In games, our studios in 2006 created great new titles, such as Super Collapse! 3 and Delicious. We also delivered great new versions of Monopoly and Scrabble, the first fruits of our relationship with Hasbro. Just this past week, Super Collapse! 3 won Game of the Year at the Casual Connect Industry Conference in Amsterdam.

Probably the single biggest example of the depth of our innovation came just last month when we were awarded an Emmy award by the National Academy of Arts and Sciences of our pioneering work in Internet media streaming. This recognition is quite a testament to the innovative work of hundreds of engineers and technologists at Real over more than a decade.

Based on our pipeline of new products and services under development, I believe that 2007 will be an even more exciting year for innovation at Real.

We enter 2007 with great demonstrated strength in two of our businesses, exciting opportunities in our other two businesses, excellent secular growth trends in digital media, and an extremely strong financial position. I believe this combination sets us up well for success, including continued revenue growth and profit expansion in the years ahead. Let me discuss each of these.

First, our two businesses with strong revenue growth and operating leverage, technology products and solutions, or TPS, and games.

In the case of TPS, we decided about 18 months ago to pivot this business from one-time license sales to application solutions integrated with partners, typically carriers and other consumer service providers. These services are deeply embedded in the fabric of the carrier’s technical infrastructure and business processes and are generally based on recurring per subscriber fees. We believe this combination creates a very durable and scalable business.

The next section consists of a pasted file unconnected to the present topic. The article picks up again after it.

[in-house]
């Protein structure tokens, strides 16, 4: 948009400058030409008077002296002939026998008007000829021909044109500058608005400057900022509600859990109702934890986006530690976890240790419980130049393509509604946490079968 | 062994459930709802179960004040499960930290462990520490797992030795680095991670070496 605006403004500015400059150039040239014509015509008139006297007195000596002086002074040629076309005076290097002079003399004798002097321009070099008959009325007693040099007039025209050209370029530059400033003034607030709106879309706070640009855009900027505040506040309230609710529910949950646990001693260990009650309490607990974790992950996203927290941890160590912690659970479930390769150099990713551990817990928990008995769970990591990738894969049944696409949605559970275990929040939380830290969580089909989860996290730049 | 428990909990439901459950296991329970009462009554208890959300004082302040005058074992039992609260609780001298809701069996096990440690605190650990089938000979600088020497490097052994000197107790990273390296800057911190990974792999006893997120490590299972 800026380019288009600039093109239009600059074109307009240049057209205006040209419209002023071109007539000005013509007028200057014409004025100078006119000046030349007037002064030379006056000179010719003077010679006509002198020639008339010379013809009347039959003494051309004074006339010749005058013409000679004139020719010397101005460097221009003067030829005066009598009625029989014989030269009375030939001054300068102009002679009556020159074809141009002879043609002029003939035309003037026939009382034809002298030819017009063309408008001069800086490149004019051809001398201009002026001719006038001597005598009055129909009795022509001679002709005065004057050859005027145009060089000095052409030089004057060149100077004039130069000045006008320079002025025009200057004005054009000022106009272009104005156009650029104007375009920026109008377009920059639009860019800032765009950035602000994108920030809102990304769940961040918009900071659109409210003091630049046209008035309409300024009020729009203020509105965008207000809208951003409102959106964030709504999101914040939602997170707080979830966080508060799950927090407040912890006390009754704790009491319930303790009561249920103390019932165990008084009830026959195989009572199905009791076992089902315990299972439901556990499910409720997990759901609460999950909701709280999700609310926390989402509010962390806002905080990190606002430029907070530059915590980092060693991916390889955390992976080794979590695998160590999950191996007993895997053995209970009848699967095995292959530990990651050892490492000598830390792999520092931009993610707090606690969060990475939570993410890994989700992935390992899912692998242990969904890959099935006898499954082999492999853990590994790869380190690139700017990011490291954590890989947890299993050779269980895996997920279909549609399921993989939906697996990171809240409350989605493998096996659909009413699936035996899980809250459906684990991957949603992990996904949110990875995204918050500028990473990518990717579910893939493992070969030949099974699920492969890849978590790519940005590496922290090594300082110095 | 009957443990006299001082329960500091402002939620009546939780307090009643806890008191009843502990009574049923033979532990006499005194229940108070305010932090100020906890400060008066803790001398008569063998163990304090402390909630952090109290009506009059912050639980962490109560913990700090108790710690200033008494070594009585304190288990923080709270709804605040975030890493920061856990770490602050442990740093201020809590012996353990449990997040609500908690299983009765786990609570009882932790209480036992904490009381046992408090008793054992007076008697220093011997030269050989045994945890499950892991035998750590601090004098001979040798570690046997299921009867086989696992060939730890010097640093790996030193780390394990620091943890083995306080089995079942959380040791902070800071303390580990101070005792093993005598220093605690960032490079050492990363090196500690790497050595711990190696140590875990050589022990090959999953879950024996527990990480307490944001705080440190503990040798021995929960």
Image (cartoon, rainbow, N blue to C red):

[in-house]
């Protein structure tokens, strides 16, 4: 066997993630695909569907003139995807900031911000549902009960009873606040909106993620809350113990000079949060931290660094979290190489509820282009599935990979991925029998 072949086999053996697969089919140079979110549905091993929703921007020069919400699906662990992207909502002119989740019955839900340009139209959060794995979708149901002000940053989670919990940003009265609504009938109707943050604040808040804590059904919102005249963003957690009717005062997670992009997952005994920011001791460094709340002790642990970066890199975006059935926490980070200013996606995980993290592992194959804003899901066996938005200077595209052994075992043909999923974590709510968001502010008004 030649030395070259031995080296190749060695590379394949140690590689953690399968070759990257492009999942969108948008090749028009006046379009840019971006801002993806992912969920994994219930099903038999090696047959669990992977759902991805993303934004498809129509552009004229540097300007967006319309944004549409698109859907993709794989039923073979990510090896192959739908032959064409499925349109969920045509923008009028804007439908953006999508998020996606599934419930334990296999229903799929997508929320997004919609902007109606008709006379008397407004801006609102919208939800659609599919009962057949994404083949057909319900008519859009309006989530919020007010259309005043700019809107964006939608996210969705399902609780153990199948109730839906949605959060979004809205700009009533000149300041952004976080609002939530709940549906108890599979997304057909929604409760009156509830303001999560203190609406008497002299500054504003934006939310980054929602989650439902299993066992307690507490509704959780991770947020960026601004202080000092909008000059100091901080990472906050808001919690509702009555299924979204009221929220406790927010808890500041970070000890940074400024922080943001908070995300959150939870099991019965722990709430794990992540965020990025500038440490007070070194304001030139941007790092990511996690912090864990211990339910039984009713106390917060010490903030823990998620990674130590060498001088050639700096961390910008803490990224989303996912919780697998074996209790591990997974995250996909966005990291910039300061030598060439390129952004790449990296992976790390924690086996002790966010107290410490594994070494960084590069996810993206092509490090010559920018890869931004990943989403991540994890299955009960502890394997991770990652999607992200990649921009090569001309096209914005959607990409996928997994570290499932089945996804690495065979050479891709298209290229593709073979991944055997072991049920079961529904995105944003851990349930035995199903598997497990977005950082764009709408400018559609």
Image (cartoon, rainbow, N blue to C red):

Between our organic activities and our WiderThan acquisition, we have succeeded in achieving a remarkable transformation. The new TPS accounted for 30% of our company’s revenue in Q4 2006, up from 12% in the prior year’s quarter.

While revenue growth is important, the single best index to our new strategy is our total carrier application service subscribers under management. Between ring-back tones, music on demand, and video on demand, we now have over 20 million carrier subscribers. Most of these subscribers come from WiderThan, but this also includes relationships we developed pre-WiderThan, such as Cingular Video. In the vast majority of these cases, we are paid in a way that scales with the number of subscribers served.

We are also seeing continued success in inter-carrier messaging. In the fourth quarter, the combination of WiderThan and Real delivered 13.8 billion messages, up from 11 billion in the prior quarter.

At the core of this business is the high quality of our products and services and our deep relationship with key global carriers, such as SK Telecom, Bharti Airtel, Cingular, and Verizon Wireless. We are also aligned with fundamental trends in the carrier industry, including the growth of 3G mobile broadband, the increased importance of cross-platform triple and quad play services, and carrier desires to consolidate their business with a smaller number of trusted, large-scale multi-competent service providers.